Archive for September, 2012

More Joint Support Than Ever Before!

As you grow older, age-related stiffness and discomfort in the joints becomes a fact of life. Activities once routine become a challenge as limited mobility hampers your every move. You now have a more potent option to provide broad-spectrum support for aging joints. ArthroMax™ Advanced with UC-II® and AprèsFlex™ is a multi-nutrient formula based on the very latest data on natural support for joint health. The new ArthroMax™ formula provides more joint support than ever before, enhanced with two innovative, clinically validated ingredients: AprèsFlex™ and UC-II®.

AprèsFlex™ represents a quantum leap forward in the delivery to aging joints of boswellia, long prized for its ability to help with inflammatory issues. It is a superior inhibitor of the enzyme 5-lipoxygenase or 5-LOX.   Excess activity of 5-LOX results in the accumulation of leukotriene B4, a proinflammatory compound that affects aging joints. Boswellia has been shown to bind directly to the 5-LOX enzyme, preventing it from facilitating production of pro-inflammatory leukotrienes. (46,47)   AprèsFlex™ boswellia absorbs into the blood 52% better than previously available forms of boswellia, for superior effectiveness.

In addition to AprèsFlex™, this new ArthroMax™ contains a novel standardized chicken cartilage: UC-II®. New data shows it helps with immune issues that can impact joint discomfort and ease of motion in aging individuals.

Taken orally, UC-II® travels to the intestinal tract where it “introduces” the immune system to the same type of collagen molecules found in joint cartilage.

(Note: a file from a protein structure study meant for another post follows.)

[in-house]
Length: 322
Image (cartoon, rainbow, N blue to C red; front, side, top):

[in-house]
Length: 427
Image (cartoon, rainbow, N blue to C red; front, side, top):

Not just any form of collagen will do. Normally, when chicken collagen is processed, its molecular shape is changed. It loses bioactivity and becomes denatured—which researchers found has no beneficial effect (2) on the immune system. Fortunately, a unique processing technique preserves the correct molecular shape of the collagen (3,4) and preserves its bioactivity (5)—producing a form known as undenatured collagen. The result of this innovative process is an undenatured chicken collagen called Bio-Collagen with Patented UC-II®.

Scientific studies have found that UC-II® reduced sensitive joint discomfort and eased joint function. (1,6-10) One double-blind, placebo-controlled study on patients found that UC-II® provided relief by 33%, and decreased joint discomfort scores by a remarkable 40% in just 90 days.(1)


1. Int J Med Sci. 2009;6(6):312-21. 2. Proc Natl Acad Sci U S A. 1986 Oct;83(19):7443-6. 3. Int Immunopharmacol. 2011 Jan;11(1):12-8. 4. Int J Clin Pharmacol Res. 2002;22(3-4):101-10.  5. Immunol Rev. 2005;206:232-59. 6. J Vet Pharmacol Ther. 2005 Aug;28(4):385-90. 7. J Vet Pharmacol Ther. 2007 Jun;30(3):275-8. 8. Toxicol Mech Methods. 2007;17(4):189-96. 9. J Anim Physiol Anim Nutr (Berl). Epub 2011 May 30. 10. J Vet Pharmacol Ther. 2009 Dec;32(6):577-84. 46. Wien Med Wochenschr. 2002;152(15-16):373-8. 47. J Ethnopharmacol. 2006 Sep 19;107(2):249-53.

Copyright © 2012. All rights reserved. Reprinted with exclusive permission of Life Extension Magazine

September 27, 2012 at 3:11 pm Leave a comment

Ease Anxiety with Clinically Studied Lavender